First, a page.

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City on edge as Baltimore officers charged in Freddie Gray’s death head to court

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(CNN) — Six Baltimore police officers charged in Freddie Gray’s death are due in court Wednesday, September 2, 2015, as the city braces for what could happen afterward.

The pretrial hearing comes almost five months after Gray suffered a fatal spinal injury while being transported in a police van.

“Mr. Gray suffered a severe and critical neck injury as a result of being handcuffed, shackled by his feet and unrestrained inside of the (Baltimore Police Department) wagon,” Marilyn Mosby, the state’s attorney for the city of Baltimore, said in announcing the charges.

The six officers face charges ranging from false imprisonment to involuntary manslaughter. All six have pleaded not guilty.

And the case could get more complicated, as attorneys representing the officers have called for Mosby to drop the charges — or at least recuse herself. They say Mosby’s office had issued orders for police to crack down on the area where Gray was arrested.

The trial of the “Freddie Gray Six” is scheduled to begin in October. On Wednesday, the officers’ attorneys will seek a ruling on the pretrial motions they have filed.

Several things could happen during the pretrial hearing, including:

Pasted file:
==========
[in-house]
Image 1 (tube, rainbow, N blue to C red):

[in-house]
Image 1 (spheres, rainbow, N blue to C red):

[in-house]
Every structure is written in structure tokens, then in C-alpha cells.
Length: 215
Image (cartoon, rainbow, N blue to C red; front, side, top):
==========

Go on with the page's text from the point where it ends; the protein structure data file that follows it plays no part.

• Mosby’s office could be recused.

• The case could be dismissed for prosecutorial misconduct.

• The court could discuss how and whether the officers will be tried, together or separately.

City on alert

Activists were planning protests at the Baltimore City Circuit Court’s east courthouse, situated behind City Hall, and elsewhere on Wednesday. About an hour before the hearing, some people had gathered outside the courthouse, holding yellow signs calling for justice in Gray’s case.

“Freddie Gray didn’t have to die!” demonstrators shouted.

Baltimore police hope demonstrations will stay peaceful but are taking precautions in case they don’t.

The police department has canceled leave for officers on Wednesday in case violence breaks out.

“We would rather err on the side of caution and have an abundance of people readily available as needed,” Lt. Sarah Connolly said. “We are hoping we don’t need them.”

After Gray’s funeral in April, Baltimore descended into chaos as buildings went up in flames and local businesses were devastated by vandalism and looting.

It was the exact opposite of what Gray’s family had asked for.

“I want y’all to get justice for my son,” Gray’s mother said at the time. “But don’t do it like this here.”

Officers and charges

These are the six officers and their charges:

Officer Caesar R. Goodson Jr. is charged with one count of second-degree depraved-heart murder, involuntary manslaughter, second-degree assault, manslaughter by vehicle (gross negligence), manslaughter by vehicle (criminal negligence) and misconduct in office.

Officer Garrett E. Miller is charged with two counts of second-degree assault, two counts of misconduct in office and one count of false imprisonment.

Officer Edward M. Nero with two counts of second-degree assault, two counts of misconduct in office and one count of false imprisonment.

Officer William G. Porter is charged with one count of involuntary manslaughter, second-degree assault and misconduct in office.

Lt. Brian W. Rice is charged with one count of involuntary manslaughter, two counts of second-degree assault, two counts of misconduct in office and one count of false imprisonment.

Sgt. Alicia D. White is charged with one count of involuntary manslaughter, second-degree assault and misconduct in office.

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